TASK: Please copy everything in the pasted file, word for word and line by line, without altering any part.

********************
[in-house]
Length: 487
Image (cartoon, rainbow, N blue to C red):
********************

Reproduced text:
[in-house]
Length: 487
Image (cartoon, rainbow, N blue to C red):